Durban - Relax, Wine Week is good for you! A Mercury science writer in the early days of Wine Week had encouraging words for wine lovers. Bill Faill wrote that in moderation – up to a bottle a day – wine is actually good for one, in health or in sickness.
Yet the evidence that this is so, coming from doctors and other research workers, is freely available. It just tends to have been overlooked, with wine being regarded as just another alcoholic drink instead of a very special, age-old beverage. Throughout human history, folklore and legend has been built around the health values of wine. It has been claimed that it can calm human tensions, provide nutrition, soothe the heart, combat anaemia and infection and aid digestion, to mention but a few things.
In the ancient world, wine was the ‘secret weapon’ which enabled armies to triumph in the field simply because, when mixed with doubtful water supplies, it acted as a protection against typhoid and dysentery. It was also used to bathe newborn infants and in dressing the wounds of gladiators.
But we like to think of ourselves as modern people and so folklore is perhaps of less interest to us than up-to-date research. Let’s clear up the misunderstanding at the outset. The benefits of wine do not come from the alcohol content alone. In the past, too many researchers have have mistakenly considered wine to be merely a watery solution of alcohol. It is now acknowledged that it is a complex dietary beverage.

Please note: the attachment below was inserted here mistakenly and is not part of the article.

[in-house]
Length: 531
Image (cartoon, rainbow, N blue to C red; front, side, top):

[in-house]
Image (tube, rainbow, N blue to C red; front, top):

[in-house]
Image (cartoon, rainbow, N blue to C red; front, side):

More than 200 different compounds have been identified in wine, including trace elements and vitamins known to be essential for the proper functioning of the human body. These include the Vitamin B group and traces of potassium, magnesium, manganese, copper, iron, calcium, phosphorus and sulphur.
“Modern laboratory research has confirmed the beneficial uses of wine in the prevention and treatment of heart disease. Wine lowers the cholesterol content of the blood, promotes blood flow and provides tranquilisation.
Wine is also effective in the post-surgical condition known as the malabsorption syndrome, in which the absorption of fats from the intestinal tract is dangerously reduced.
Of all the alcoholic beverages, only dry wines can be safely included in the diabetic diet. While wine serves as an effective appetite stimulant, it can also help the obese to lose weight.
Wine is also a useful diuretic. That wine can help with weight gain as well as weight loss may seem paradoxical. But facts are facts. In conditions such as anorexia, marked by loss of appetite and serious weight loss, a Californian doctor has reported that the regular use of standard red table wines can provide substantial improvement.
The use of a couple of glasses of such wine daily increased the caloric intake of most patients by about 12% in the period of treatment. But, to be fair, there is no indication of how much this improvement depends on the effect of wine as an appetite stimulant.
There we have it. The Mercury Wine Week is good for you.